Syncing Atlanta’s Traffic Lights Part of Bond Plan

walton street atlanta

Polls are showing that Atlanta’s $250 million transportation bond is likely to pass when it goes before city of Atlanta voters next month.

We reported back in January that the plan included removing the DeKalb Avenue “reversible lane”.  But obviously there are a lot of other projects on the proposed list.  A broader reaching item on the list is syncing Atlanta’s traffic light system.  Creative Loafing reports…

As part of its upcoming $250 million infrastructure bond package, it currently plans to spend more than $35 million — the final figure and list of projects is still being approved — to sync traffic signals and replace others across the city. Though traffic engineers have updated signals in some parts of Atlanta, lights haven’t been synchronized on a citywide level in a long, long time. According to at least one report, we’re talking the 1970s.

More than one-third of the city’s intersections with traffic signals — about 350 out of 960, the mayor’s office says — has received upgrades. Some of those improvements have occurred thanks to a Georgia Department of Transportation grant program. Mayor Kasim Reed spokeswoman Jenna Garland tells CL the city could complete the work needed to sync up all intersections if voters approve the bond package on St. Patrick’s Day.

However, when drivers wins, pedestrian and cyclists often lose.

CL quotes Sally Flocks, president and CEO of pedestrian advocacy group PEDS, who suggests that the city should make sure lights are timed to encourage driving at slower speeds.  Additionally, Michael Hunter, an associate professor at the Georgia Institute of Technology’s School of Civil and Environmental Engineering, suggests that all modes of transportation need to be considered while optimizing traffic lights.  He also notes that a one-time influx of funding to fix the issue isn’t enough.  Funding for ongoing maintenance is important and often overlooked by cities.

**Related Note** And before anyone jumps off on the tangent about Decatur’s traffic light synchronization, check out this post from last August.  Decatur is waiting for DeKalb to upgrade traffic signals around the city before taking over traffic light synchronization.  That upgrade project has been pushed back until 2017.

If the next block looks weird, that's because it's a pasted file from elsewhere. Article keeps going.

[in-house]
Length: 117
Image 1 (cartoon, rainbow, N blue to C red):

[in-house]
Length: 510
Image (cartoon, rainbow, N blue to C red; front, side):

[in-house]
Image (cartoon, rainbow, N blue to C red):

10 thoughts on “Syncing Atlanta’s Traffic Lights Part of Bond Plan”

  1. This is at least the third time I heard this said and, needless to say, I’m not optimistic that it will be done. The last time it was supposed to be part of Gov Perdue’s $40M transportation improvement plan.

  2. My experience commuting from Decatur to Five Points daily has been that Sally gets her wish. Traffic on Peachtree Street crawls due to traffic signaling. Traffic on Edgewood and Auburn crawls due to traffic signaling and is impeded further by the Streetcar lumbering along, with additional signal delays to allow its sweeping turns.

    I bike, and even I notice what appears to be a deliberate effort to make driving on downtown streets inconvenient.

    1. Since you bike and say you’ve noticed lumbering steetcars, just curious if you’re one of the many bikers who continue to bike on the same streets and in the same direction as the streetcars travel even though they are clearly marked as no-bike streets.

      1. Since you ask, on my daily commute I use Edgewood going into town and Auburn leaving, traveling in the opposite direction of the streetcar. I have found that this permits me to avoid riding parallel to the tracks and the dangerous, shallow depressions alongside them.

        When necessary I cross the tracks to reach my destination.

        Marking downtown streets as “no-bikes” may be well-intended, but is in my opinion an unenforceable farce.

        1. Yes. probably well intended but more likely it’s all about CYA so I don’t think there will be any enforcement. I do see it every day and shudder to think of a bike wheel getting caught in those tracks. I’ve only seen that once so far, and they went down quickly!

      2. Any biker who does that is nuts. It’s kind of scary, and I’ve heard of bikes getting their tire stuck in the tracks.

        Signage is lacking however. I did it once about a month ago — biking west on Edgewood, turned north on Jackson. Oh crap — parallel tracks! There’s a “no bike” sign on Jackson, but you only see if after turning onto it, a few feet up the road.

        Apparently ABC is working with the city to point out deficiencies in signage. I think a lot of the bikers who do it just don’t know better, or got caught by accident like me.

    2. What? The $100M streetcar (that has not met its ridership projections, even when FREE) hasn’t eliminated all traffic concerns?

  3. I know we’ve beat this horse before, but I can’t resist another kick… Why on earth would we want to eliminate the reversible lane on Dekalb?

    1. I think the key word is “we”. We are not removing the reversible lane. The City of Atlanta is. Perhaps they don’t see that street’s main purpose as moving commuters from points east into downtown. Maybe the want it to better serve their residents who live along it and need to travel in both directions. “We ” as in COD did this with West Ponce. I’m pretty sure that was not popular with cut through commuters either.

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